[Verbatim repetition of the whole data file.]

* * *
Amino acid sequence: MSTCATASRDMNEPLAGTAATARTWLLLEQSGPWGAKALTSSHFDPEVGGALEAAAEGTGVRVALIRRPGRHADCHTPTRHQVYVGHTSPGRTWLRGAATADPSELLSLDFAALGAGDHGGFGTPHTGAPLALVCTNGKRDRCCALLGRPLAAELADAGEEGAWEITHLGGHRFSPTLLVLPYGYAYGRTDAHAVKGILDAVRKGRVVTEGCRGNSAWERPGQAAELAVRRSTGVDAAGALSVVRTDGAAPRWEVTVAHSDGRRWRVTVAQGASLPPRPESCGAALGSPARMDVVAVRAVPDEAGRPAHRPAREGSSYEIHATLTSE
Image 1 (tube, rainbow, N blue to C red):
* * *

Amino acid sequence: MSTCATASRDMNEPLAGTAATARTWLLLEQSGPWGAKALTSSHFDPEVGGALEAAAEGTGVRVALIRRPGRHADCHTPTRHQVYVGHTSPGRTWLRGAATADPSELLSLDFAALGAGDHGGFGTPHTGAPLALVCTNGKRDRCCALLGRPLAAELADAGEEGAWEITHLGGHRFSPTLLVLPYGYAYGRTDAHAVKGILDAVRKGRVVTEGCRGNSAWERPGQAAELAVRRSTGVDAAGALSVVRTDGAAPRWEVTVAHSDGRRWRVTVAQGASLPPRPESCGAALGSPARMDVVAVRAVPDEAGRPAHRPAREGSSYEIHATLTSE
Image 1 (tube, rainbow, N blue to C red):